Biodiversity loss has knock-on effects on global markets

Biodiversity loss has knock-on effects on global markets
Economic losses in the HIPC case study. Key: LDLE: Low pollinator dependence (DR), low elasticity of demand (ED); LDHE: Low DR, high ED; HDLE: High DR, low ED; HDHE: High DR, high ED. *: Negative numbers indicate economic gains as a result of price rises. Credit: People and Nature (2022). DOI: 10.1002/pan3.10314

Biodiversity losses in countries with smaller, less-developed economies, impact large, developed economies, according to a new study.

Researchers from Trinity and the University of Reading have shown that pollinator declines and potential loss of pollination services can have widespread implications for global trade in food.

Bees and other pollinating animals are vitally important for the production of many leading and commodities. From apples to strawberries, and from chocolate to coffee, animal pollination is important to meet our demands.

However, changes in land use and climate, and the use of some chemical insecticides, threaten pollinators worldwide. Because we often import crops that we cannot grow ourselves, pollinator losses in our trading partners could have a significant impact on prices at home.

A new study by Trinity College Dublin and the University of Reading, funded by the Irish Environmental Protection Agency, has examined the effects of pollinator losses in small groups of on world food markets.

The team developed a simple economic model to examine what the effects of world crop prices would be if pollinators were lost in different countries. They applied this model by looking at pollinator losses in three groups of 25 countries:

  1. Economically vulnerable countries with high debts and low incomes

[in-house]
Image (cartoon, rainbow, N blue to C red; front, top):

2. Countries that were very vulnerable to natural disasters
  3. Countries with very high use of pesticides

"What we see in these three is a fairly consistent pattern: the countries which suffer the biggest economic losses because of rising prices are large, well-developed economies that import a lot of pollinated crops—countries like Germany, Japan, China, India and the UK," said Dr. Tom Breeze from the University of Reading.

"This applies even if it's not those countries that are suffering pollinator losses themselves—in other words, pollinator losses in will have bigger impacts on us as consumers in wealthier countries.

"Our work shows just how important bees and other pollinators are to global food markets. I hope this work gets people thinking about the real importance of pollinators in everything from their easter eggs to their morning cups of coffee."

Professor Jane Stout from Trinity's School of Natural Sciences said:

"Perhaps one of the most important messages coming from our work is that we simply cannot afford to just look after our own pollinators.

"We must start thinking globally and supporting pollinator conservation efforts in our trading partners, especially those in developing countries that may not have the resources to tackle pollinator conservation that we do. If we don't then we're risking a lot of people's livelihoods abroad and even higher inflation back home."

The study, published today in the journal People and Nature, was a joint project between the Irish government and the UK's Global Food Security research program.


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More information: James T. Murphy et al, Globalisation and pollinators: Pollinator declines are an economic threat to global food systems, People and Nature (2022). DOI: 10.1002/pan3.10314
Citation: Biodiversity loss has knock-on effects on global markets (2022, March 30) retrieved 3 July 2022 from https://phys.org/news/2022-03-biodiversity-loss-knock-on-effects-global.html
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